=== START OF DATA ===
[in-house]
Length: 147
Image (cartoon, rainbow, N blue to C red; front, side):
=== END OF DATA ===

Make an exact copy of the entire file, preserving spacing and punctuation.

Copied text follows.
[in-house]
Length: 147
Image (cartoon, rainbow, N blue to C red; front, side):